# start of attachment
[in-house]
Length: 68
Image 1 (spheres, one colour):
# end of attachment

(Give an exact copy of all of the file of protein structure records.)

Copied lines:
[in-house]
Length: 68
Image 1 (spheres, one colour):